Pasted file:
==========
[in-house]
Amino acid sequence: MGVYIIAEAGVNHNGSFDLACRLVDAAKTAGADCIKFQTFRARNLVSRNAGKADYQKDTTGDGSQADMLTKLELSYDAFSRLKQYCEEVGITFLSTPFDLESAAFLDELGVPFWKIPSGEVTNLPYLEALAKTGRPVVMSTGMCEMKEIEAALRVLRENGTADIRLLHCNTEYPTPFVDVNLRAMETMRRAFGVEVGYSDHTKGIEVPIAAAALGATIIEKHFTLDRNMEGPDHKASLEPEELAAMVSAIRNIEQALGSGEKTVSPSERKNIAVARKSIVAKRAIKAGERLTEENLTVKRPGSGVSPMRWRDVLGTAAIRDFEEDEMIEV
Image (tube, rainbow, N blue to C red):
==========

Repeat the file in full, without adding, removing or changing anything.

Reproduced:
[in-house]
Amino acid sequence: MGVYIIAEAGVNHNGSFDLACRLVDAAKTAGADCIKFQTFRARNLVSRNAGKADYQKDTTGDGSQADMLTKLELSYDAFSRLKQYCEEVGITFLSTPFDLESAAFLDELGVPFWKIPSGEVTNLPYLEALAKTGRPVVMSTGMCEMKEIEAALRVLRENGTADIRLLHCNTEYPTPFVDVNLRAMETMRRAFGVEVGYSDHTKGIEVPIAAAALGATIIEKHFTLDRNMEGPDHKASLEPEELAAMVSAIRNIEQALGSGEKTVSPSERKNIAVARKSIVAKRAIKAGERLTEENLTVKRPGSGVSPMRWRDVLGTAAIRDFEEDEMIEV
Image (tube, rainbow, N blue to C red):